Mitsubishi Executives Skip Beijing as Partner Seeks Top SpotBloomberg News
Senior Mitsubishi executives skipped China's largest car show
Carmaker said to mull delaying issuing profit forecast
Mitsubishi Motors Corp.’s senior executives skipped the Beijing car show as the automaker grapples with the fallout from its mileage fraud admission. That didn’t stop its local joint venture from declaring it wants to become the top SUV brand in the world’s largest vehicle market.
GAC Mitsubishi plans to introduce 10 new models in the next five years as part of its goal to become No. 1 in sport utility vehicles in China, Zhang Yuesai, executive vice president of Mitsubishi’s Chinese joint venture, said on stage at the Beijing motor show.
Zhang didn’t make any reference to or apologize for the carmaker’s fraud admission last week. No Japanese executives made speeches at the briefing, which featured Taiwanese singer Jeff Zhang belting out one of his hits from the 1990s.
Volkswagen executives apologized at the Tokyo and Guangzhou car shows following revelations in September that the company installed cheating devices to beat emission tests. Mitsubishi Motors President Tetsuro Aikawa bowed in apology at a briefing last week in Tokyo, after the company disclosed it exaggerated the fuel efficiency of 625,000 minicars and has been testing cars with a method that’s not compliant with Japanese standards since 2002.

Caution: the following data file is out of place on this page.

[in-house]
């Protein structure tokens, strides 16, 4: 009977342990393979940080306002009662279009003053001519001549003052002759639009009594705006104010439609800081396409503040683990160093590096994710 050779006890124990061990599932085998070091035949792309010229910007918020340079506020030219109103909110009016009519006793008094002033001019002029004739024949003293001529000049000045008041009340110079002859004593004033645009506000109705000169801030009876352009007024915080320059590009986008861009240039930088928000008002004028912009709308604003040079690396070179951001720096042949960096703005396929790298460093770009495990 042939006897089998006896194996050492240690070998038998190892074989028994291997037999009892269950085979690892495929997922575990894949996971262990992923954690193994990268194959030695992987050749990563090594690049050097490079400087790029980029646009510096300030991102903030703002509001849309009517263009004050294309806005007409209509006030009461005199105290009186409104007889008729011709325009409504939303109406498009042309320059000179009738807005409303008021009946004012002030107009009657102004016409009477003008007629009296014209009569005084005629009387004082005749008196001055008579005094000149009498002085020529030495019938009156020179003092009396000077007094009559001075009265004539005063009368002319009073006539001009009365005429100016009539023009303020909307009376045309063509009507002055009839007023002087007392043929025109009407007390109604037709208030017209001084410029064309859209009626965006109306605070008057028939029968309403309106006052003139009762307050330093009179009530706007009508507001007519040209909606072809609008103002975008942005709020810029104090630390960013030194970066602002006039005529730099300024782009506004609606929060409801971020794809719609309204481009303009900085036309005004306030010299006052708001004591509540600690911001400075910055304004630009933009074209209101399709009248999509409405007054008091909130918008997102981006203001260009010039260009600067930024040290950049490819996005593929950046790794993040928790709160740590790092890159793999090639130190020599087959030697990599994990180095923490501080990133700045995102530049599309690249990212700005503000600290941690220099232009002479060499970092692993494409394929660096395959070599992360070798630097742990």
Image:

The company hasn’t said whether the cheating extended to other models, or on vehicles sold outside of Japan. The automaker canceled a press briefing on Tuesday, announced earlier Monday, without providing a reason.
Guangzhou Automobile, which owns 50 percent of the Chinese joint venture, led this year’s event at the Beijing show and isn’t in a position to apologize on behalf of its Japanese partner as it’s a separate company, Mitsubishi Motors spokesman Kai Inada said. Mitsubishi Motors and Mitsubishi Corp. own 33 percent and 17 percent in the venture, respectively.
Mitsubishi Motors has until Wednesday to submit data about its falsification to the country’s transport ministry, the same day it’s scheduled to report fourth-quarter results and issue a forecast for the coming fiscal year. The company will probably report a 32 percent increase in quarterly net income of 25.9 billion yen ($233 million), according to analyst estimates compiled by Bloomberg.
The automaker is considering delaying the issue of its annual profit forecast this week as it needs more time to measure the effect and extent of fines, compensation and other costs related to its disclosure it falsified data on fuel-economy tests, according to a person familiar with the matter.
Nissan Motor Co. will decide on its partnership with Mitsubishi Motors after “all verification is done,” said Chief Executive Officer Carlos Ghosn. Three quarters of the affected minicars produced by Mitsubishi Motors in the past three years were supplied to Nissan.
Kyodo News reported that Mitsubishi Heavy Industries Ltd., the largest shareholder in Mitsubishi Motors, will make a decision on the automaker after hearing the results of an investigation into the automaker’s emissions and fuel economy testing. Mitsubishi Heavy was one of the companies that bailed out the carmaker more than 10 years after it was found to have covered up safety defects.
— With assistance by Yuki Hagiwara, and Jie Ma